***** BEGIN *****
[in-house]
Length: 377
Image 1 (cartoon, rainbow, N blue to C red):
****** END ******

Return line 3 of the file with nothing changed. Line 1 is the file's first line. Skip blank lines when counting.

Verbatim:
Image 1 (cartoon, rainbow, N blue to C red):